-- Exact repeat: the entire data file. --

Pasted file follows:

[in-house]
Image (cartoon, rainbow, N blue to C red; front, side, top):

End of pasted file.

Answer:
[in-house]
Image (cartoon, rainbow, N blue to C red; front, side, top):